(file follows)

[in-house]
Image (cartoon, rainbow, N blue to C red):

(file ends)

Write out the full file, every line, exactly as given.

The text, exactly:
[in-house]
Image (cartoon, rainbow, N blue to C red):